Director's Cut, film, Movie Crash Course Review, movies

The Eagle (1925)

I finally got my hands on a couple of older films, so we’re jumping back a few years to watch The Eagle, my list’s only entry featuring screen idol Rudolph Valentino.

Here, Valentino is a young Russian soldier, Vladimir Dubrosky, who catches the eye of Czarina Catherine the Great. She invites him to the palace one evening, presumably to discuss his promotion – but then she comes on to him, and a flustered Vladimir flees.  The incensed Catherine declares him a fugitive and calls for his arrest for “desertion” – forcing Vlad to scurry back home.  Where he finds that his father has lost the family estate to their neighbor Kyrilla, and has just died. Tough day.

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Vlad vows revenge, and he and his father’s men take up a sort of Robin-Hood existence in the woods – donning black masks and stalking Kyrilla’s family. Before long, Vlad has the perfect opportunity fall into his lap – Kyrilla’s pretty daughter Mascha is in the market for a French tutor, so Vlad dons a suit and presents himself as a candidate.  In his role as tutor, he spends his days with the pretty Mascha while planting anonymous notes to Kyrilla around the house meant to freak him out, keeping Kyrilla on edge until the day Vlad finally decides to strike.  But the longer he waits, the more he gets caught up with Mascha, to the point he starts wondering whether revenge is worth it…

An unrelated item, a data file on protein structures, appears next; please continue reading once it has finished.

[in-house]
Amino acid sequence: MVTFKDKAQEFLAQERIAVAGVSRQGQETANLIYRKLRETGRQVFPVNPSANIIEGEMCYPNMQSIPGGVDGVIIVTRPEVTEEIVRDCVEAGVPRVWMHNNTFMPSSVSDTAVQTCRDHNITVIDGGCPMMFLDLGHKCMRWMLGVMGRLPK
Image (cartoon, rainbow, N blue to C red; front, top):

It’s a swashbuckling tale, with quests for vengeance, feats of derring-do and thrilling escapes, and it was pleasant enough to watch.  Actress Vilma Blanky has fine chemistry with Valentino, and Mascha’s character has a bit more agency than the usual silent film damsel – she figures out Vlad’s secret identity at one point, and sneaks into his room to leave him her own anonymous note of warning.

As for Valentino….Okay, can I admit something?  I really didn’t get the appeal. Valentino is indeed empirically screen-idol handsome, and he’s a fine enough actor in what was ultimately an okay plot. But I personally didn’t see anything that seemed worthy of the swooning admiration Valentino got from fans in the 1920s.  Then again, Valentino got more fangirling over his more exotic roles, like The Sheik (which I was actually surprised was absent from the list).  It’s possible the appeal was more about the exotic role itself.  He’s not the super-romantic fairy-tale sheikh here – he’s a more down-to-earth swashbuckling Cossack.  But to my mind this is the more interesting plot anyway.

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